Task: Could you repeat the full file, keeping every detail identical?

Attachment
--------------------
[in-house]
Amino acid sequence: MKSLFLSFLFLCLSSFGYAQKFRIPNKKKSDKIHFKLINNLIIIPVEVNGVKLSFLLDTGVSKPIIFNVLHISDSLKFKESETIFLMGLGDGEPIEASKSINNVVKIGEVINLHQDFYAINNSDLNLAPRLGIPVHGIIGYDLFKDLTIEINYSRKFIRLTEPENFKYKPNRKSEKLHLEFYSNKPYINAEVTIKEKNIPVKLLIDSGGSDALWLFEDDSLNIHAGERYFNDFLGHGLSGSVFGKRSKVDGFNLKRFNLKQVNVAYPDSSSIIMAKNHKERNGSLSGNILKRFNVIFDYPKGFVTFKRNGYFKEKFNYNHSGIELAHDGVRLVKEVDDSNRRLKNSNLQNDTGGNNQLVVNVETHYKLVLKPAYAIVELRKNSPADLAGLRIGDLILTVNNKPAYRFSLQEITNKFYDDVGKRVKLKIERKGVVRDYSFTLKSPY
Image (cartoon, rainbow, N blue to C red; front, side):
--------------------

[in-house]
Amino acid sequence: MKSLFLSFLFLCLSSFGYAQKFRIPNKKKSDKIHFKLINNLIIIPVEVNGVKLSFLLDTGVSKPIIFNVLHISDSLKFKESETIFLMGLGDGEPIEASKSINNVVKIGEVINLHQDFYAINNSDLNLAPRLGIPVHGIIGYDLFKDLTIEINYSRKFIRLTEPENFKYKPNRKSEKLHLEFYSNKPYINAEVTIKEKNIPVKLLIDSGGSDALWLFEDDSLNIHAGERYFNDFLGHGLSGSVFGKRSKVDGFNLKRFNLKQVNVAYPDSSSIIMAKNHKERNGSLSGNILKRFNVIFDYPKGFVTFKRNGYFKEKFNYNHSGIELAHDGVRLVKEVDDSNRRLKNSNLQNDTGGNNQLVVNVETHYKLVLKPAYAIVELRKNSPADLAGLRIGDLILTVNNKPAYRFSLQEITNKFYDDVGKRVKLKIERKGVVRDYSFTLKSPY
Image (cartoon, rainbow, N blue to C red; front, side):